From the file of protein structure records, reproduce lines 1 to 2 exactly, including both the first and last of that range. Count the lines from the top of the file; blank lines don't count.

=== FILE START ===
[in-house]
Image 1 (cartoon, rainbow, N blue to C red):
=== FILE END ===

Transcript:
[in-house]
Image 1 (cartoon, rainbow, N blue to C red):